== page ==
Foothill Farming
University of California
Foothill Farming

Human Risk

What is Human Risk?

Human Risk Icon

If there are humans on or near your farm, you have human risks to contend with. Human risks arise from the four D’s: disagreement, divorce, death, or disability of an essential owner, manager, or employee. It also includes risks related to illness and high stress and to poor communication and people-management practices.

Humans are not just risk liabilities, however. They also are a great strategy for dealing with and managing risk and even finding opportunities in mitigating risk. 

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Some Sources of Human Risk

  • Yourself
  • Family
  • Employees
  • Neighbors
  • Visitors
  • Safety (chemicals, structures, machinery, manure/compost)


Some Questions to Ask to Assess Your Human Risk

  • Do I have a safety plan and training manual for all parts of the operation? (See Standard Operating Procedures page)
  • Do the people who come here know how to deal with potential safety issues?
  • Do I have liability insurance in case any safety issues come up?
  • Have my family/employees and I communicated our goals for the operation?
  • Do we understand each other's goals?
  • Where are the differences? How can we deal with them?


  • What will happen if I get sick or hurt? 
  • Do I have health, disability, and long-term care insurance?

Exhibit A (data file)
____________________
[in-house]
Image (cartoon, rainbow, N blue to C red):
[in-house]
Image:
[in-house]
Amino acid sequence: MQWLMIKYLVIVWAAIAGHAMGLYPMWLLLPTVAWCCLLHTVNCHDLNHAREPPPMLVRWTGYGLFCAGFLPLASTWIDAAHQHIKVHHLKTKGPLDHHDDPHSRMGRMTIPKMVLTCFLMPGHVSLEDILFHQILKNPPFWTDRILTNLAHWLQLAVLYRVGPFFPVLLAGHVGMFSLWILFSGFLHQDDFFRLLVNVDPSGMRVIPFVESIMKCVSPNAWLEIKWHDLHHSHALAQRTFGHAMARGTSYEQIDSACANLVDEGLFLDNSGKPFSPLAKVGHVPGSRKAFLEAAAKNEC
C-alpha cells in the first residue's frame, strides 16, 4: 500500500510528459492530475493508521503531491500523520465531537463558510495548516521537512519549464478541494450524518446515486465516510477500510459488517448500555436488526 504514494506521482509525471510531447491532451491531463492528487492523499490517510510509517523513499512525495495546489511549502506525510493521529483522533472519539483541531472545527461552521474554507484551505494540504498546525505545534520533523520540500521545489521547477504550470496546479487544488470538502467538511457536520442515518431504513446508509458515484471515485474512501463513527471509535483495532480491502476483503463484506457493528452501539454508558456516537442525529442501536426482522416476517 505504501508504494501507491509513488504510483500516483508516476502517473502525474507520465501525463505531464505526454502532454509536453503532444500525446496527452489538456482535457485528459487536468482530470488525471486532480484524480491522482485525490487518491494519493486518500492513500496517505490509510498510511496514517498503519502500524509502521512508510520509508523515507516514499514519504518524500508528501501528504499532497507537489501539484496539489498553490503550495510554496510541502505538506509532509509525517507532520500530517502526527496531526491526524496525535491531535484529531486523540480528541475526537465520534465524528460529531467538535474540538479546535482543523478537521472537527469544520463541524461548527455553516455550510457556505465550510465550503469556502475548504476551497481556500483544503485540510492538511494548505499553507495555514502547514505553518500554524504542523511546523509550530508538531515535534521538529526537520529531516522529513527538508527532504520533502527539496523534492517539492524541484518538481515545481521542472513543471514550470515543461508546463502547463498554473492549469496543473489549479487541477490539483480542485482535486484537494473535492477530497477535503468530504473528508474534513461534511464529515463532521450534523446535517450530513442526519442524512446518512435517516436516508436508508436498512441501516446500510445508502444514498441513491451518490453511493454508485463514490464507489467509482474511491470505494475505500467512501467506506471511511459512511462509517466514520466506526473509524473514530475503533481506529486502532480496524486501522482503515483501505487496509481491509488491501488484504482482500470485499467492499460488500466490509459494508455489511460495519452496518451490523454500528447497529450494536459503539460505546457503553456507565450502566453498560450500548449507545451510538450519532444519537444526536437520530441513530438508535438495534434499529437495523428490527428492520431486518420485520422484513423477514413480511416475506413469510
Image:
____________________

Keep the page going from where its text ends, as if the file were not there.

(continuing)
• Can people find important documents (like wills, property titles, banking and legal records)? 
  • Does someone besides me know the passwords to access online accounts?
  • Am I managing my health and stress levels to stay healthy?


  • When I want to retire, do we have a succession plan?
  • What will happen to my operation when I die? Do I have an up-to-date will?
  • Do I know all my options for transferring assets to the next generation?
  • Do I need professional help with transition planning?


  • What happens if my farm/life partner and I disagree or separate/divorce?
  • Do I have good relationships with my neighbors? 
  • Do my relationships with them add to or remove risk for the operation?


Source: USDA Risk Management Agency. "Introduction to Risk Management: Understanding Agricultural Risks." Revised December 1997

This information made available due to a grant from the USDA Risk Management Agency.

Tools for Mitigating and Planning for Human Risk

  • Improve safety, reduce legal risks, and help when operator is absent or sick with written standard operating procedures and safety plans.
  • Do goal-setting and planning with family and employees.
  • Manage your stress to stay healthy.
  • Do estate and transition-planning for continuity of the operation.
  • Get insurance: life, health, disability, and long-term care with coverage appropriate for estimated risks.
  • Develop a contingency plan.

Remember: It's important to choose the tools that are best for you, your level of risk tolerance, and your operation.




Family Relationships



Stress Management/Self Care

Transitions, Estate Planning, and Succession

Additional Human Risk Management Resources


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